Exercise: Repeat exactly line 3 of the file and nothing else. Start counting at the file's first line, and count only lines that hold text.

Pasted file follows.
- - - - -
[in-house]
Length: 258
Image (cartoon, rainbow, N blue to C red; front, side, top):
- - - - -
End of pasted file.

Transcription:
Image (cartoon, rainbow, N blue to C red; front, side, top):